5. Grounds for rejection under Division 2 of Part 4 of the Act

Date Published

Except for section 41, all of Division 2 of Part 4 of the Act and Regulation 4.15 applies to applications for registration of defensive trade marks.  All of those provisions operate within the limitation of section 33, which provides a basis for a "presumption of registrability".


5.1 Sections 39, 40 and 42

Sections 39, 40 and 42 need to be considered in the examination of applications for defensive trade marks.  However, as the trade mark must already have been registered otherwise than as a defensive trade mark, it is unlikely that grounds for rejection under these sections will need to be raised.  

Note: Caution will need to be exercised if the defensive application is in respect of goods to which other legislation is applicable, such as the Plant Breeder’s Rights Act 1994 or the Wine Australia Act 2013.  In that case there may be a ground for rejection under paragraph 42(b) which did not apply to the registration upon which the defensive application is based.


5.2 Section 43

A trade mark subject of an application for defensive registration may have a connotation in respect of the goods specified in that application which it did not have in respect of the goods covered by the registration upon which it is based.  Therefore, the possibility of the existence of grounds for rejection under section 43 must be considered.


5.3 Section 44

The provisions of section 44 must be applied in examining applications for registration of defensive trade marks.  Similarly, a defensive registration may be a bar to registration of a later application for registration of a substantially identical or deceptively similar trade mark.

The criteria for citation of an earlier application or registration against an application for a defensive trade mark are the same as if the trade mark was filed as an ordinary trade mark with an intention that it should be used by the applicant. (see Re Applications by Mobil Oil Corporation 32 IPR 535). Hearing officer Williams noted that the existence of a citation strikes at the basis of the application for defensive registration. The existence of a citation suggests, contrary to the terms of section 187, that the use of the trade mark by a person other than the applicant for defensive registration would not cause deception or confusion.  If the cited trade mark is being used, the defensive applicant's case is, on the face of it, not within the scope of section 187.  If the cited trade mark is not being used, removal is an option for the owner of the defensive application.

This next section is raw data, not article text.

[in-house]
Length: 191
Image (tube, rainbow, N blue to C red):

The reverse situation, where the citation was of a defensive trade mark against a standard application, was considered in Chanel Ltd v Chronogem Ltd 19 IPR 21.  Assistant Registrar Farquhar found that the opposition failed because the marks were not substantially identical or deceptively similar. However, she observed that the fact that the opponent’s mark was a defensive trade mark had no bearing on the relevance of the section 33 objection noting that “[for] the purpose of assessing the section 33 objection, fair, notional use of the registration in relation to all the specified goods is to be assumed, just as is the case with registrations in other Parts of the Register”.